Established in 2014 during the US-backed coup, the Ukraine component of the US State Department and Pentagon’s Global Security Contingency Fund (GSCF) provides tens of millions of dollars-worth of training and equipment to “develop the tactical, operational, and institutional training capacities of its Ministry of Defense and National Guard.” The State Department says: “The GSCF has also supported Ukrainian Special Operations Forces in developing tactical and institutional capabilities that are compatible with Western models.” According to one Pentagon-linked journal: “Arsen Avakov, the Minister of Internal Affairs from 2014 to 2021[, …] enabled the expansion and later integration of paramilitary forces into the National Guard,” including the nazi Azov Battalion.
From 2015, the Pentagon’s European Command oversaw the Joint Multinational Task Force-Ukraine (JMTF-U), in which the US Army and National Guard trains the Ukrainian Armed Forces. In addition, officers were trained in the US through the International Military Education and Training program. The Congressional Research Service reports that, “[s]eparately, U.S. Special Operations Forces have trained and advised Ukrainian special forces.” In addition, the US participates in the annual NATO Partnership for Peace exercise, Rapid Trident.
In November 2015, supposedly at the request of the new pro-US regime, the Obama administration sent two AN/TPQ radar systems to Ukraine. “President Petro Poroshenko had the opportunity to review the equipment, and was briefed by U.S. military personnel on its capabilities.” The US Army later revealed that the radar system was not purely defensive. A team from US Army Europe, Fort Sill’s Fires Center of Excellence (FCoE), and the Army Security Assistance Training Management Organization (SATMO) “conducted four weeks of operator training.” Since the initial delivery, “Ukraine received four additional Q-36 radars … and training by U.S. Army Communications-Electronics Command with support from the FCoE and USSATMO.” The publication quoted one trainer as saying that “the U.S. team showed their brigade, battalion and platoon commanders how to tactically employ the radar system to support fire and maneuver efforts.”
Since 2016, SATMO’s Doctrine Education Advisory Group (DEAG) “has advised Ukrainian Security Forces at the operational level to revise doctrine, improve professional military education, enhance NATO interoperability and increase combat readiness.” In January this year, DEAG brought the first load of $200m-worth of “lethal security assistance, including ammunition for the frontline defenders of Ukraine.”
US and Canadian military officers meet uniformed members of the neo-Nazi Azov Battalion during a November 2017 multinational training session in Ukraine. Photos from a deleted page on Azov's website: https://t.co/08C1FLQ6Ee pic.twitter.com/5RAIif6OFf
— Max Blumenthal (@MaxBlumenthal) March 20, 2022
One of the more immoral US actions in Ukraine has been the training of armed forces to fight in civilian areas, goading Russia to fight in densely-populated locations with the effect of scoring anti-Russia propaganda points when Russians kill Ukrainian civilians. In 2015, the US Marines implied that American service personnel would travel to Ukraine to fight. “Unofficial travel (leave or liberty) to any country in Africa or the following European countries [including Ukraine and its neighbors] requires command O-6 level approval … The countries are subject to change based on the Foreign Clearance Guide (FCG), Department of State (DOS), Combatant Command, and/or Intelligence threat notifications.” This suggests preparation for “irregular” warfare.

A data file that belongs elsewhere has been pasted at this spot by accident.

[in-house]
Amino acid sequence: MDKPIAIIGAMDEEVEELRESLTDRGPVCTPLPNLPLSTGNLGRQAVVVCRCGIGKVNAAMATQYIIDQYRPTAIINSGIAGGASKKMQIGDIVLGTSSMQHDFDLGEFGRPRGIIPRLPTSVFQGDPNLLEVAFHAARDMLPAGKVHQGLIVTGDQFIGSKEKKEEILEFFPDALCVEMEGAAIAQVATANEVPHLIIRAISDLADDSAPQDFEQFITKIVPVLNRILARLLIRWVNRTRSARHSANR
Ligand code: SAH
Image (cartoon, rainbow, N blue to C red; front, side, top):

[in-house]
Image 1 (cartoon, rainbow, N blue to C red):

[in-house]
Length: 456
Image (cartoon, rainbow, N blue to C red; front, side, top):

An undated document published by the US Special Operations Center of Excellence (SOCE), apparently from around 2017, states that “the United States should learn from the Chechnya rebels’ reaction” to Russia’s invasion of Chechnya in the ‘90s. It explains that the “rebels” engaged in “decentralized operations,” using social media to “blend into the local populace.” Russia’s enemies used “misinformation” to manipulate Russians into killing the rebels’ enemies.
The SOCE paper goes on to note that the Army Special Operation Forces “are trained to thrive in these environments.” The document explicitly advocates for the US to train irregular forces to provoke Russia: “The United States should form an interagency working group with the Department of State, members of the intelligence community and SOCOM,” the Special Operations Command, which would “serv[e] as the DoD lead/representative.” It suggests that such a working group “understand that SOCOM actions will need to be unconventional and irregular in order to compete with Russian modern warfare tactics.”
By bolstering Ukraine’s armed forces and goading Russia, US elites have openly used Ukrainian civilians as pawns. For many years, Ukrainian forces were trained in urban combat by US personnel: i.e., to fight Russians in densely-populated civilian areas. “Task Force Illini” is comprised of 150 soldiers from the 33rd Infantry Brigade Combat Team of the Illinois Army National Guard. In September 2020, the US Army reported that Armed Forces Ukraine soldiers “honed their urban operations skills as Task Force Illini advisors lent their expertise at Combat Training Center in Yavoriv” – the Western Ukrainian de facto NATO base near Poland’s border. You may have heard about the International Peacekeeping & Security Center in Ukraine since Russia struck it. Previously, US & Canada used it to host trainings of Ukrainian forces. Here's a trainee with two black US servicemembers geotagging himself in Zimbabwe & posting "14/88" pic.twitter.com/dzsNsKzZEC